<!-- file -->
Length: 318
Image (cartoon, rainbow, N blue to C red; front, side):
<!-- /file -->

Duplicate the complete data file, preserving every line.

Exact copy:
Length: 318
Image (cartoon, rainbow, N blue to C red; front, side):